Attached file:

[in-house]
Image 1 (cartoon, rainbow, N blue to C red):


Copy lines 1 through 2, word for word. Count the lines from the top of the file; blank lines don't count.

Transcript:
[in-house]
Image 1 (cartoon, rainbow, N blue to C red):